Judge orders transcript of Howard County coroner's inquest be released to the public

The inquest investigated death of Kenneth Suttner

Judge orders transcript of Howard...

After almost a year, a costly legal battle between Howard County Coroner Frank Flaspohler and the Glasgow School District could come to a close.

The district sued the coroner last March after he refused to release a copy of the transcript of his inquest into the suicide death of Kenneth Suttner.

The inquest delved into bullying at Glasgow schools and the workplace of Suttner, which a jury said led to his suicide.

ABC 17 News last reported in January that Flaspohler had spent $2,784. 71 in taxpayer money on the lawsuit.

County Clerk Kathryne Harper said Wednesday that figure has more than quadrupled since then because he exceeded his budget for 2017 and had to roll over some costs into 2018. About $5,000 in legal fees rolled over from 2017, bringing the coroner's office expense to $10,292.43. The coroner has budgeted $10,000 for 2018, and has already used 44 percent of that.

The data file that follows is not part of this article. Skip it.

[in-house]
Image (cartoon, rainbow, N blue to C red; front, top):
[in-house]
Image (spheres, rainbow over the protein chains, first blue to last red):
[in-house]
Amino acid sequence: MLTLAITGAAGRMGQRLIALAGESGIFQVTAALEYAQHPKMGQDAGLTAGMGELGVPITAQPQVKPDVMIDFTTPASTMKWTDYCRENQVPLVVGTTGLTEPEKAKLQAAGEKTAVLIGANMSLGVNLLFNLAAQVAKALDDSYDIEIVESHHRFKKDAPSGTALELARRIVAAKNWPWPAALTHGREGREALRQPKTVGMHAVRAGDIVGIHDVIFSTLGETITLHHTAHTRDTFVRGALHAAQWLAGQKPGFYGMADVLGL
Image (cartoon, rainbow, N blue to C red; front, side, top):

The Glasgow School District has spent more than $40,000 in its fight to get the transcript. A Howard County judge ruled several months ago that the district should receive it.

"We only got it after all this time and all this expense," said the district's attorney, Tom Mickes.

On Wednesday, the judge also ruled in favor of the Columbia Missourian, which filed a suit when the coroner's office would not release the transcript to them either. The transcript will now be available to the general public. ABC 17 has requested a copy from the coroner.

Now that it has the transcript and accompanying exhibits, Mickes said the district can defend itself against claims made in the inquest. District officials were apparently not allowed to attend and don't know exactly what was said during it. Mickes said district officials can also prepare for any legal action they may face.

In April, the district plans to get its $40,000 back as well sanction the coroner's office for the delays in releasing the records.

"Under the statute, the Sunshine Law was violated intentionally," said Mickes.

Arguments on that motion are scheduled for April 4.

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